socializing in equal parts. You appreciate the layout of the place, as
it appeals to the serious fitness enthusiast and Chatty Cathy
alike. You’re probably a body builder, a mid-level Hollywood type, or a
muscle bear from Silver Lake. You believe the loudness of your grunt and
the number of plates on the bar is directly proportional to the size of
your penis. You have a tattoo or will have one within a month of
joining — or you are in the process of removing that one mistake-tat from
spring break ’92. There’s a good chance you think of deodorant as a
luxury and not a necessity and probably don’t wax or shave anything
except your eyebrows. You also know exactly what it means to have a
folded bandanna in your back pocket. You may or may not do steroids, but
you definitely appreciate a good tan — often après gym — and a long, lingering
post-workout shower in a social scene that rivals the Abbey, but without
clothes. As an actor, you would be in the minority here and would
probably secretly prefer to be on the cover of Men’s Health than in a
feature film but would take either. Or you may be on the show
(almost the entire cast has been spotted here.)

If you work
out at 24 Hour Fitness, your gym choice says you may be
straight — it’s not likely, but it’s possible (a few actually do work out
here). You may be in the closet, a penny pincher, or easily scammed
into a crazy long membership. If you are an actor, you are still trying
to get your break. You still audition for student films with no pay and
moonlight as a waiter or bartender. Much like extras on a movie set who
don’t shut up about being the nephew of Spielberg and having the lead
in his next feature, you probably also constantly talk about how great
you are doing in some The Secret kind of way, or you’re paying it
forward, and you don’t realize how this comes across as kind of
pathetic. More sweat is beading off your brow from the thought of your
credit card balance, due to the 17 acting classes you are currently
enrolled in, than from your workout.

If you work out at LA
Fitness, you just moved here from the South and it sounded logical. You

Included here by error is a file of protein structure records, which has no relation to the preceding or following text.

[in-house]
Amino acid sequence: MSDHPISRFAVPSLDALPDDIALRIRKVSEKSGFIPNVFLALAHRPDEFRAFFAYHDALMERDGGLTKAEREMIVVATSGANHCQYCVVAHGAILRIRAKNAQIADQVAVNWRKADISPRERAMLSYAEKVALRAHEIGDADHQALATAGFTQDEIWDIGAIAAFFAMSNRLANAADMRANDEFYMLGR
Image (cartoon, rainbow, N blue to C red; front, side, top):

will leave this gym within one year.

If you work out at the YMCA,
your gym choice says you are from New York City and you hate Los Angeles,
as this is basically a place to bitch about how much L.A. sucks
compared to New York. You also talk about things like the horrid theater
scene while drinking something made of natural ingredients that you
bought from Whole Foods Market, having driven there in your Prius from
your loft downtown. You don’t realize that everyone in L.A. secretly hopes
you will just go back home.

If you work out at Bally — I have no
idea who goes to Bally. You probably saw a commercial during the
first act of Days of Our Lives while sitting at home doing nothing that
afternoon waiting for your agent to call.

So, in a rather large
nutshell, this is what your L.A. gym says about you. Really, it’s up to
you what you do once inside, and you can get a great workout anywhere
if you set your mind to it, but now you know what you’ll find when you
get there. Just know that in L.A.’s gay scene, your gym choice is an
extension of your identity, and you will be judged based on it whether
you think so or not. It’s the third (and arguably most scrutinized)
question in the superficial intro game. Where are you from? What do you
do? Where do you work out? Choose wisely, young Padawan.

Oh, yeah,
about me ... I do yoga in the morning, hike Runyon Canyon with my dog in
the afternoon, attend Barry’s Bootcamp when I’m shooting, have a 24 Hour
Fitness membership left over from when I first moved here (that I only
use when I need a swim), have a current Gold’s membership that I use
when I want to lift hard, take spinning classes at Equinox and Crunch
when my friends are instructing (guest passes rock!), and run on the
sidewalks of Sunset Boulevard when I need a solo sweat. Good luck trying to
define me by my workout.

Tags: People, People